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Monday, October 31, 2011
First Page Mondays: The Shadow Lines by Amitav Ghosh
As part of the First Page Mondays here at The Book Worm, here's the first page from the book The Shadow Lines by Amitav Ghosh.
'In 1939, thirteen years before I was born, my father’s aunt, Mayadebi, went to England with her husband and her son, Tridib.
It startles me now to discover how readily the name comes off my pen as ‘Mayadebi’, for I have never spoken of her thus; not aloud at any rate: as my grandmother’s only sister, she was always Maya-thakuma to me. But still, from as far back as I can remember, I have known her, in the secrecy of my mind, as ‘Mayadebi’ – as though she were a well-known stranger, like a filmstar or a politician whose picture I had seen in a newspaper. Perhaps it was merely because I knew her very little, for she was not often in Calcutta. That explanation seems likely enough, but I know it to be untrue. The truth is that I did not want to think of her as a relative: to have done that would have diminished her and her family – I could not bring myself to believe that their worth in my eyes could be reduced to something so arbitrary and unimportant as a blood relationship.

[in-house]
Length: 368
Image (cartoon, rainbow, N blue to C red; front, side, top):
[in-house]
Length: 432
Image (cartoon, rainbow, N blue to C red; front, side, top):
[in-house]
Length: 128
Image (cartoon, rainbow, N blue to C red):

Mayadebi was twenty-nine when they left and Tridib was eight.
Over the years, although I cannot remember when it happened any more than I can remember when I first learnt to tell the time or tie my shoelaces, I have come to believe that I was eight too when Tridib first talked to me about his journey. I remember trying very hard to imagine him back to my age, to reduce his height to mine, and to think away the spectacles that wre so much a part of him that I really believed he had been born with them. It wasn’t easy, for to me he looked old, impossibly old, and I could not remember him looking any other than old – though, in fact, at that time he could not have been much older than twenty-nine. In the end, since I had nothing to go on, I had decided that he had looked like me.
But my grandmother, when I asked her, was very quick to contradict me. She shook her head firmly, looking up from her schoolbooks and said: No, he looked completely different – not at all like you.
My grandmother didn’t approve of Tridib. He’s a loafer and a wastrel, I would sometimes hear her saying to my parents; he……'
- Debolina Raja Gupta